More Food = More Hunger? The Productivist Paradigm Paradox

farmer's market

Photo: empracht

Can organic agriculture feed the world? Is local food efficient? How do we feed a growing population? Questions like these are posed often in my world. On the surface, the answer is obvious: whatever system grows the most food is the best bet for addressing hunger, both today and tomorrow.

A friend recently sent me this article.

This set me to thinking, and I had something of a professional epiphany: rather than solving hunger, the push for more production at any cost makes it worse. More food=more hunger? How can that be?

A quick web search suggests that global food production per capita and hunger are both increasing. Frances Moore Lappe, one of my early professional heroes (I sat in on a class at Penn State which featured her book Food First: Beyond the Myth of Scarcity, which  was incredibly influential on my life and career trajectory)  showed four decades ago that hunger is caused by poverty, not lack of global food supply. Yet, arguments such as the ones above (production solves hunger), including those of Dennis and Alex Avery and others, continue.  Some scholars call it the productivist paradigm.

We economists love optimization: it is the bedrock of any microeconomic theory course. Choose the level of inputs to maximize a given outcome (usually profit or utility). Our food system has set about the task of “maximize yield per production unit” (milk per cow, bushels of corn per acre) and has been wildly successful at it. Yet hunger increases.  There is a huge dead zone in the Gulf of Mexico due to US agriculture. Diet-related illness is off the charts.  More than half of US farms lose money every year. Why?

My simple answer is that we optimizing the wrong function. Instead of maximizing  quantity, a more important goal should be something like “maximize quality of food available where people can access it.” In the single minded pursuit of yield, we are being hit by countless externalize costs such as those above. External costs are real and they will find you, whether you count them or not.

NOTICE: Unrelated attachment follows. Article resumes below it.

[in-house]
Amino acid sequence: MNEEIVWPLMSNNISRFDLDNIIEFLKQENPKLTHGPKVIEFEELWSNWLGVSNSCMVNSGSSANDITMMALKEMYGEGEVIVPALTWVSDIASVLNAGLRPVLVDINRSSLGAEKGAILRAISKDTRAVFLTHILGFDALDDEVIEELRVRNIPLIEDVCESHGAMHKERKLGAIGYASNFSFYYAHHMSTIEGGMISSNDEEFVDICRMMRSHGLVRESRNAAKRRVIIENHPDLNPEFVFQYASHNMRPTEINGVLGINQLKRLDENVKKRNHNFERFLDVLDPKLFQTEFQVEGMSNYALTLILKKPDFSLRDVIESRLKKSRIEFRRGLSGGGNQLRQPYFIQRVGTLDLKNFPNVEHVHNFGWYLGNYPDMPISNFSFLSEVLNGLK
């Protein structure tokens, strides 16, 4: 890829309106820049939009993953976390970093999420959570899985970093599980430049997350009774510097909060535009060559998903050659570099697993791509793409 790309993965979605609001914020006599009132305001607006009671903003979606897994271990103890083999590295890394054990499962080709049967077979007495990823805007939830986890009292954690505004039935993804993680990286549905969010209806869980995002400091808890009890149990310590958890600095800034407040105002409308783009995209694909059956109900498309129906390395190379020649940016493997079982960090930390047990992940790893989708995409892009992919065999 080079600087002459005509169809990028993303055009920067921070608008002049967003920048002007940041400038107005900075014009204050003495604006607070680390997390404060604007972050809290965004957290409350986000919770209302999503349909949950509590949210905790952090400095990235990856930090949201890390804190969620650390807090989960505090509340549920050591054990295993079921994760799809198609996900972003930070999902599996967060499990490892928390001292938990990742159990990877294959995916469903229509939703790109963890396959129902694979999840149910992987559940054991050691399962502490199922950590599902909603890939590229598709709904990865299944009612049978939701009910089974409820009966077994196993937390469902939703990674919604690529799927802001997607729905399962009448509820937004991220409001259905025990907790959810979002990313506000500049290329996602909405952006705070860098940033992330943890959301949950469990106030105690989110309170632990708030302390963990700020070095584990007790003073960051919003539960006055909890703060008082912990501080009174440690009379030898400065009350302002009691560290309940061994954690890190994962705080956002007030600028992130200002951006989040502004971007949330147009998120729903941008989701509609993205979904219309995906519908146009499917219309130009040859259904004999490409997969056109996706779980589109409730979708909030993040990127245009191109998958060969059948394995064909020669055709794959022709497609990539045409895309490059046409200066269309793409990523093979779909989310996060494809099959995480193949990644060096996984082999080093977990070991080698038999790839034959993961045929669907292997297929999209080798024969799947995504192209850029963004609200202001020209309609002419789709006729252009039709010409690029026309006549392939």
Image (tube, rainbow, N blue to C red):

A great example to me is dairy operations. In my experience, and with few if any exceptions, the goal of our supporting education, policy and support institutions is to help farmers maximize milk per cow. Yet dairy farmers in are peril.  Without doubt the model that maximizes milk per cow is the modern confinement model. Cows spend the vast majority in barns, are brought a feed ration designed to maximize production. Manure is augured away, stored in vast lagoons and injected into fields.

I have done extensive research into the pasture-based Management Intensive Rotational Grazing  (MIRG) model of dairy production and have found in every way I have found to measure save two –milk per cow by a large margin and milk per acre by a very small one) – the MIRG model is superior. Countless studies have shown MIRG performing far better in profit per cow, profit per production unit (hundredweight) of milk, farmer and community well-being, environmental impact, animal welfare and even human (consumer) health. It is a good model for beginning farmers and small to medium sized farms , which many studies over the years have  shown to be vital to the socio-economic well-being of rural communities. Here is a paper I wrote summarizing these issues.

Dairy farmers are taught and encouraged, in many ways, to maximize milk per cow and ignore everything else. Our dominant food system says maximize yield and profit no matter what. Farmers take great pride (and rightfully so) in “feeding the world,” and the perceived inability of any alternative system to do so allows the alternative to be dismissed quite easily in many circles. But the truth is, unless we put the community and ecosystem back in – a community based, agro-ecological food and agricultural system – the hunger, the diet-related illness, the external costs, the community degradation will just get worse.

What do you think? Leave a comment or questions below. 

Posted in: Economic.